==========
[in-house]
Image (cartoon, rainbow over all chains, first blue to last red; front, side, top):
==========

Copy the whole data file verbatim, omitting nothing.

[in-house]
Image (cartoon, rainbow over all chains, first blue to last red; front, side, top):